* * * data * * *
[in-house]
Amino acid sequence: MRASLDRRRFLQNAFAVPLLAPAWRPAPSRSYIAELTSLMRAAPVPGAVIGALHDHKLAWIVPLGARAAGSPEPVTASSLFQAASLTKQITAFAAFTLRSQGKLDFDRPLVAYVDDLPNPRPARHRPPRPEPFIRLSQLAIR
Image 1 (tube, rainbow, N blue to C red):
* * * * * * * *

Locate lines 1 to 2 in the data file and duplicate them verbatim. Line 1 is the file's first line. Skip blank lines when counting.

[in-house]
Amino acid sequence: MRASLDRRRFLQNAFAVPLLAPAWRPAPSRSYIAELTSLMRAAPVPGAVIGALHDHKLAWIVPLGARAAGSPEPVTASSLFQAASLTKQITAFAAFTLRSQGKLDFDRPLVAYVDDLPNPRPARHRPPRPEPFIRLSQLAIR